In its heyday, Bordeaux had it all. This once-booming logging town – south of Olympia – was home to a school, hotel, post office, sawmill, homes and a general store. It first started as just a logging community in the late 1890s but officially became established as a town in 1903 by Thomas and Russell Bordeaux, two owners of the Mason Logging Company.
The company town thrived – peaking in the 1920s – but it wasn’t before long until they ran out of their sole resource. All of the surrounding forest available for timber was becoming further and further away until it completely ran out. The Bordeaux mill was finally closed by 1941, and residents moved to find work elsewhere.
Ironically, the forest has grown back in time around the old ruins. Though not many structures are left: just the foundations, incinerator and remains of the powerhouse. Most are draped in moss, leaves and some have graffiti.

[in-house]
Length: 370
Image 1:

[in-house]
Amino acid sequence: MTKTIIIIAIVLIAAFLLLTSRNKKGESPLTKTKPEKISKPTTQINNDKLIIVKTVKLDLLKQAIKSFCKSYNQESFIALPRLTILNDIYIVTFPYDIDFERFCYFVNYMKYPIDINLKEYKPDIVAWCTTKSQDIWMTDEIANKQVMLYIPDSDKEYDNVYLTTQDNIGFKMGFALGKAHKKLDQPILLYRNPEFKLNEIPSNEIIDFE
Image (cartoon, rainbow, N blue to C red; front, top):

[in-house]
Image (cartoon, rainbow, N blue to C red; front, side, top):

The old grounds are set along Mima Creek, just south of Olympia off Bordeaux Road SW. You can find parking by a cement bank vault, which had been used to store the wages of the loggers and other workers. Then as you walk further north into Bordeaux you’ll reach the other structures that still remain.
Wandering these forgotten grounds is fascinating. Could you imagine what life in this old logging town was like?